--------------------------------------------------------------------------------
Wolff-Michael Roth, Lansdowne Professor
Applied Cognitive Science
MacLaurin Building A567
University of Victoria
Victoria, BC, V8P 5C2
http://web.uvic.ca/~mroth <http://education2.uvic.ca/faculty/mroth/>

New book: *The Mathematics of Mathematics
<https://www.sensepublishers.com/catalogs/bookseries/new-directions-in-mathematics-and-science-education/the-mathematics-of-mathematics/>*

On Fri, Mar 31, 2017 at 6:37 AM, Robert Lake <boblake@georgiasouthern.edu>
wrote:

> That 2 cents goes a long, long generative way Andy. Thanks!
>
> Robert
>
> On Fri, Mar 31, 2017 at 6:52 AM, Andy Blunden <ablunden@mira.net> wrote:
>
> > My 2 cents ...
> >
> > 1. Both Hegel and C. S. Peirce promoted mediation not only as essentially
> > ubiquitous, but as *generative*, in the sense that since every relation
> is
> > mediated, every new relation generates a new (mediating) relation. It is
> a
> > method of enquiry which is forever uncovering new relations. I would call
> > this the methodological aspect of mediation. To fail to enquire into
> > mediation is effectively to close off enquiry and settle for some kind of
> > dichotomy or taxonomy.
> >
> > 2. Vygotsky's *artefact mediation*, is a distinctive type of mediation,
> to
> > which other approaches to mind are largely blind. Artefact mediation is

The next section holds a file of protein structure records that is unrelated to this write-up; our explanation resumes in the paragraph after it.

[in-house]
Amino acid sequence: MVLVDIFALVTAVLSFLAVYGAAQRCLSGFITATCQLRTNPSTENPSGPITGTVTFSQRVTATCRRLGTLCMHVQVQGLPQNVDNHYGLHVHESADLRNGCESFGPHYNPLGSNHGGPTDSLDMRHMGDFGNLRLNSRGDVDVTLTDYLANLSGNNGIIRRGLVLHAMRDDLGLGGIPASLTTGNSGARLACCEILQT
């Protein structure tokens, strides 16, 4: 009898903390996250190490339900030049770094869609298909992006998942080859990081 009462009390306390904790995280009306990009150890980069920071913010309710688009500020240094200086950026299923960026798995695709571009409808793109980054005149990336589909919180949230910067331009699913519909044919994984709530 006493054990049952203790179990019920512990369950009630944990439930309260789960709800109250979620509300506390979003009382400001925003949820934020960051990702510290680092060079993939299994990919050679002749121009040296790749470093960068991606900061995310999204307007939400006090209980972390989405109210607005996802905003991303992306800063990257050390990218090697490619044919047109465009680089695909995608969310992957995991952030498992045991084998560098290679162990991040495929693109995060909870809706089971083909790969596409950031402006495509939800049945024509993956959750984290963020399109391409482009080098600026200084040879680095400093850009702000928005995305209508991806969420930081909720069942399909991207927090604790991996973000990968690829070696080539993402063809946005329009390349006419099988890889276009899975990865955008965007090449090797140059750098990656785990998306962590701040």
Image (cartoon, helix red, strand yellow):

> not
> > the answer to every problem of psychology. And it wasn't for Vygotsky
> > either.
> >
> > Andy
> >
> > ------------------------------------------------------------
> > Andy Blunden
> > http://home.mira.net/~andy
> > http://www.brill.com/products/book/origins-collective-decision-making
> > On 31/03/2017 8:44 PM, Huw Lloyd wrote:
> >
> >> The title has a somewhat oxymoronic flavour to it, Alfredo.  Theorising
> >> gets more interesting when it consists of a minimum of a 3-term system,
> >> and
> >> in such a system one term can always be indexed as a mediating one in
> >> relation to the other two.  All the problems arise when these terms are
> >> reduced to 2-term systems (formal logic, statistical associations,
> >> descriptions based upon typed categories) in which the mediators are
> >> elements of a non-unitary analysis.